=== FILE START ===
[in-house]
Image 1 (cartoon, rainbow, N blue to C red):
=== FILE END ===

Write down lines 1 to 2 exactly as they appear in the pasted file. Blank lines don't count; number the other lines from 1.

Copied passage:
[in-house]
Image 1 (cartoon, rainbow, N blue to C red):